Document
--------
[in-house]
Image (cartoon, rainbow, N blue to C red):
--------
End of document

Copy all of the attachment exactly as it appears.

[in-house]
Image (cartoon, rainbow, N blue to C red):